Chris Burden, Metropolis II, 2010, courtesy of the Nicolas Berggruen Charitable Foundation, © Chris Burden Estate

Did You Know? Interesting Factoids about Chris Burden’s “Metropolis II”

February 23, 2017

Since its 2012 installation in BCAM, Chris Burden’s Metropolis II has been a crowd favorite. This kinetic sculpture is modeled after the fast-paced, frenetic modern city. 

Chris Burden, Metropolis II, 2010, courtesy of the Nicolas Berggruen Charitable Foundation, © Chris Burden Estate. The operator is standing in the middle of the installation.

1. Have you ever noticed that an operator is in the center of the sculpture when it’s on? You might not have realized that someone has to ensure that everything is running smoothly. (Fun fact: the operator stands on the sculpture, so she has to remove her shoes first!)

2. The sculpture has 1,100 custom-made cars (there are four different body types), eight loop trains, and five trolleys. 

3. Conservators are responsible for repairing and cleaning the vehicles. The most common problem they deal with? Wheels that fall off the cars. (Fun fact: each car averages 539 hours on the sculpture before it wears out.)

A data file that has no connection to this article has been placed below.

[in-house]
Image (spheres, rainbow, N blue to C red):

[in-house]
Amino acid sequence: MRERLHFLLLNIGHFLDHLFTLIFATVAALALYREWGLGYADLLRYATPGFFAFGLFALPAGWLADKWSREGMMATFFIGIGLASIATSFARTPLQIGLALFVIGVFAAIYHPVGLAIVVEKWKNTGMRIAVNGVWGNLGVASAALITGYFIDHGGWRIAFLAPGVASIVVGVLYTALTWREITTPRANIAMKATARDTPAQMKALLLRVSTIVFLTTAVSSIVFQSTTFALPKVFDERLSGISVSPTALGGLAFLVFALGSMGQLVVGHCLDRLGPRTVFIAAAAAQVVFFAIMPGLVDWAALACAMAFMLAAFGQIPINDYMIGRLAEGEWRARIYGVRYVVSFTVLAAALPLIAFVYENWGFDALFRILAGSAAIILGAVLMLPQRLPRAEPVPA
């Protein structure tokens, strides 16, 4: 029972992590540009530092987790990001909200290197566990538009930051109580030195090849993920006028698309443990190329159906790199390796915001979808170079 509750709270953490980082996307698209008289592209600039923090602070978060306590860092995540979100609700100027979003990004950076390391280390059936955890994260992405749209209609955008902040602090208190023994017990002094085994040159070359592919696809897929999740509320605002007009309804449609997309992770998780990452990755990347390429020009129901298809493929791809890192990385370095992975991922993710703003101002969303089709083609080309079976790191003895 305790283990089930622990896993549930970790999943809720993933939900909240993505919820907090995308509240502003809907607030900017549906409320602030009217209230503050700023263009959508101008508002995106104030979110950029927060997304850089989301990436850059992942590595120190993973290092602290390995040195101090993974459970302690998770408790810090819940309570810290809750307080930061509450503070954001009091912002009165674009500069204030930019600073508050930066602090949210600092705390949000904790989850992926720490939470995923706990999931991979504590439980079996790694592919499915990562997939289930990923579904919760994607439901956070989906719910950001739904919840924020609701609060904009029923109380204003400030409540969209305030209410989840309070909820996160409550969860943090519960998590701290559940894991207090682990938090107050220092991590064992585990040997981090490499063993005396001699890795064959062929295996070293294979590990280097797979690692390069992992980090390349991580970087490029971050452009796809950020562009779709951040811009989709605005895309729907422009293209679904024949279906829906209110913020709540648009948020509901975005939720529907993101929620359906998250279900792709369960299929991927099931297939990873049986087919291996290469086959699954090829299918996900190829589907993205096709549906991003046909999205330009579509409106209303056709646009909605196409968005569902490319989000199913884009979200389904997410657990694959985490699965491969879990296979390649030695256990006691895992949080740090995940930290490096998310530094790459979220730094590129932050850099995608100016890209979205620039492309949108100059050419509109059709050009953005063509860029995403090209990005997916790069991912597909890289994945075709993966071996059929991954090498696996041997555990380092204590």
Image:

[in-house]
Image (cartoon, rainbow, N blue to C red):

Fastest car in Metropolis II

4. The fastest type of car? One that looks like a sports car. Those are the cars that most frequently fall off the tracks.

5. There are over 200 buildings in the sculpture. Only two are made with LEGO® bricks, two incorporate Lincoln Logs, and one is made of cards. HABA blocks are one of the most widely used building materials for the architecture on the sculpture, and were stained, painted, and modified, in addition to being used straight out of the box.

Below, kinetic sculpture conservator Alison Walker tells us about how the sculpture works, how they keep track of time logged by each car, and more!

Visit Metropolis II in action! The work is in operation on Fridays, Saturdays, Sundays, and select holiday Mondays.